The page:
June 2016 – An interesting thing that you may notice at this time of year is that the baby birds (fledglings) are now out and about with their parents – flapping their wings and chirping as they beg to be fed. Ironically the “baby” is sometimes larger looking than the parent because of the fluffiness of its feathers. You may also see some Canada Goose goslings swimming in formation behind an adult and perhaps also young American Coots (sporting reddish feathers if still on the younger side). The continued rains in June have resulted in the Sanctuary being very lush and green with the appearance of summer flowers like twinflower, bunchberry, and fireweed. Of particular note – the wild roses are especially beautiful and plentiful this year. Mosquitos have also started to appear, which may be annoying to us, but they offer plentiful food for the many tree swallows you will see swooping over the water of the Sanctuary.
May 2016 – Spring has definitely sprung at the Sanctuary and thanks to the recent rains water levels have more or less returned to where they were last year. The Red-winged blackbirds are a common sight on willows beside the boardwalk and you’re almost sure to hear the “pure sweet Canada, Canada, Canada” call of the White-throated sparrow. Chokecherry and Saskatoon bushes are pretty much done blooming, but the wild roses are starting to appear already. Watch on the water for the beautiful Blue-winged Teal – easy to spot because they have a violet-grey head with a white crescent on each side. If you’re hiking in the evening also listen for the unusual “swooping” sound of the Common Snipe as it dives through the air high overhead – making the noise with wind rushing over its tail feathers.
December 2015 – Our first snow of the season has already come and with the warm temperatures of early December started to settle and subside. The great thing about having some snow cover is that nature lovers can more easily see what wildlife has been out and about. You will certainly notice the tracks of the Varying Hare (they look like rabbit ears), along with the trails left by Red Squirrels as they move between trees to collect cones or other treats. You will no doubt see many deer tracks and occasionaly the large footsteps of a moose. You will likely also notice many small seeds scattered on top of the snow. This is likely White Birch seed that has scattered in the wind – a favourite food of the Common Redpoll – some of which have been seen in the area already. Keep your eyes peeled for a large Great-horned Owl – also sighted of late in the area.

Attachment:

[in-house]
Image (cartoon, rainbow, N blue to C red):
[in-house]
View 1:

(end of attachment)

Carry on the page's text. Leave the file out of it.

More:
November 2015 – It’s early in the month and the marsh at the Sanctuary has frozen over a few times only to open up again on warmer days. One can still see ducks swimming about on those warmer days, but most of the action this time of year is on land. Chickadees will no doubt find you if you are out for a hike – hoping you have brought along some sunflower seeds to feed them with. A large bull moose with antlers was also seen on the meadow on the west end of the property just off of the pathway – an impressive sight! Even if you don’t see a moose directly, watch for its unmistakeable cresent shaped hoof prints, plus watch for signs of freshly browsed (bitten off) twigs on Dogwoods, Willows or Saskatoons. This is sure signs that the “Twig Eaters” have been there!
October 2015 – Fall colours are at their best in early October with the aspens really putting on a show. Canada Geese have been congregating on the water and creating quite the soundscape in the evenings. You may also notice groupings of Robins visiting chokecherry stands to feast on the over-ripe berries that are still hanging on in dark red clumps. This fall also seems to be a time for many types of mushrooms to peek their caps out of the leaf litter – bring your ID book and see if you can identify them. If you’re looking for a photographic treat, check out the wetlands from the road just at sunset – the reflections are amazing!
September 2015 – The colours of fall are starting to appear with yellow and red leaves showing on plants such as High-bush Cranberry and Sarsaparilla. A variety of waterfowl are also starting to gather on the water – a fun challenge to identify now that they have their more drab fall plumage. You may also hear the chatter of a Marsh Wren if you stop at one of the viewing platforms. Make sure to watch for moose tracks in the muddy ground near the viewing platforms, plus listen for the rusty cry of migrating Sandhill Cranes as they fly high overhead in large flocks heading south.